It would be fair to say many an architect or architectural firm gets known for designing a predominant genre of building, and that appears to have been the case since the earliest days the trade first appeared in Indianapolis. Of course, this would never preclude an architect best known for designing one type of building from taking on another genre. Work is work, after all–but a satisfied client is likely to be a returning client. And if the returning client dominates one area of development, it follows that the favored architect would be asked to crank out more of...Read More
Month: February 2016
When considering Indy’s shopping legacy, many think of longtime institutions, L. S. Ayres, William. H. Block’s, or Wasson’s. While those venerable names are still remembered fondly by many, other retailers offered similar experiences and had a fine reputation not only in the circle city, but across the country. Unfortunately, many stores did not survive the Great Depression. One of those was the Selig’s Dry Good Company, which offered fine women’s apparel and other items from 1890 until disbanding in 1932. In 1908, the store moved into the high rent retail district along West Washington Street. After the move, the...Read More
The La Tour dining room in all of its swanky seventies glory. (Image: eBay) Valentine’s Day has come and gone. Many a couple enjoyed a romantic dinner downtown on the holiday of love. Wonder what options you might have had in years past? In the Seventies, you had several options for skyscraper dining, including The Eagles Nest atop the Hyatt Regency and the Carousel overlooking Monument Circle in the Hilton. Probably the most notable locale for budding lovers was La Tour, perched high above the Indiana National Bank Building. The French restaurant was a go-to destination for nearly two decades....Read More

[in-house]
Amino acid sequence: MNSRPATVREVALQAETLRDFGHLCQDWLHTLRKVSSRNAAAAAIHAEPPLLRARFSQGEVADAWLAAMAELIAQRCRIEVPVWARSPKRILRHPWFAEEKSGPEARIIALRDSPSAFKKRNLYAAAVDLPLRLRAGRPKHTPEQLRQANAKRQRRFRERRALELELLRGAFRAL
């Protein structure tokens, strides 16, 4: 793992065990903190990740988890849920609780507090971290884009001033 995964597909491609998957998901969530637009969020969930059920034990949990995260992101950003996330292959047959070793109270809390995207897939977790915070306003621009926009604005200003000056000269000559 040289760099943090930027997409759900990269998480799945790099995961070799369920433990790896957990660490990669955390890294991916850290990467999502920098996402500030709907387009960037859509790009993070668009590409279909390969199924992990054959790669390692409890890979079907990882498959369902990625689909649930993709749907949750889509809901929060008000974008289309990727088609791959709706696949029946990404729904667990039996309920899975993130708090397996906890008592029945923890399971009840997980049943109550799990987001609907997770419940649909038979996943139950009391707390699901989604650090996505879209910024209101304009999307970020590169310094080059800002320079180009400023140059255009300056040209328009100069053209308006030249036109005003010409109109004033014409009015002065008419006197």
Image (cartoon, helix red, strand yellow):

Indy natives believe that Shapiro’s is the first, last and only name in delicatessen dining. First timers may walk away disappointed, however, if they are craving a certain Hoosier-beloved ham sandwich. No Kosher deli worth its salt would carry anything pig on its menu. For over seventy years, there was an alternative to the south side favorite. Weiss Deli was a staple for downtown lunch goers for years, dishing out succulent ham sandwiches with a sweet, crispy glaze, on chewy egg buns. The business began in 1920. Ironically enough, it was a German Jewish immigrant by the name of Martin Weiss who created...Read More
While many people consider Indiana Avenue the epicenter of early black culture in Indianapolis, few may realize how far from “The Avenue” it stretched. Bordering the Cultural Trail at Walnut Street and Senate Avenue is a mysterious old brick building, yet to be renovated, but brimming with potential. The large window openings fronting Walnut Street have long-since been closed up, along with the former doors and windows circling the rest of the building. This building and the organization that brought it into being, were a bustling intersection of black culture in Indianapolis. It was built by the “Colored” Knights of...Read More
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